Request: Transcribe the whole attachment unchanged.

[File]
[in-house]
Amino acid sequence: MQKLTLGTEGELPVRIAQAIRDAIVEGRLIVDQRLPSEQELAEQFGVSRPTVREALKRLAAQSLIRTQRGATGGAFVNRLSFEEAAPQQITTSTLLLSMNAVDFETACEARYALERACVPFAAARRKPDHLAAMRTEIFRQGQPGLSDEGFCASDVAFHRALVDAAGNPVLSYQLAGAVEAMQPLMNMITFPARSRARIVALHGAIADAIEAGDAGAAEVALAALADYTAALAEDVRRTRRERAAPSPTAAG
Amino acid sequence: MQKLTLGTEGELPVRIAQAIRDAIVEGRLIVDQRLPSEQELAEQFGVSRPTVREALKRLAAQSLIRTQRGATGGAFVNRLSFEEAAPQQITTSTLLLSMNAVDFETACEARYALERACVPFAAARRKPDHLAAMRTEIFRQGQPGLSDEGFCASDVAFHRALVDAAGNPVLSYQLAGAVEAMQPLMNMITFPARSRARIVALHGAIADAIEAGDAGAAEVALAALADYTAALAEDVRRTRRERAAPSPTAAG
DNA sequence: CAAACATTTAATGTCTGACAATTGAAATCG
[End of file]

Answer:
[in-house]
Amino acid sequence: MQKLTLGTEGELPVRIAQAIRDAIVEGRLIVDQRLPSEQELAEQFGVSRPTVREALKRLAAQSLIRTQRGATGGAFVNRLSFEEAAPQQITTSTLLLSMNAVDFETACEARYALERACVPFAAARRKPDHLAAMRTEIFRQGQPGLSDEGFCASDVAFHRALVDAAGNPVLSYQLAGAVEAMQPLMNMITFPARSRARIVALHGAIADAIEAGDAGAAEVALAALADYTAALAEDVRRTRRERAAPSPTAAG
Amino acid sequence: MQKLTLGTEGELPVRIAQAIRDAIVEGRLIVDQRLPSEQELAEQFGVSRPTVREALKRLAAQSLIRTQRGATGGAFVNRLSFEEAAPQQITTSTLLLSMNAVDFETACEARYALERACVPFAAARRKPDHLAAMRTEIFRQGQPGLSDEGFCASDVAFHRALVDAAGNPVLSYQLAGAVEAMQPLMNMITFPARSRARIVALHGAIADAIEAGDAGAAEVALAALADYTAALAEDVRRTRRERAAPSPTAAG
DNA sequence: CAAACATTTAATGTCTGACAATTGAAATCG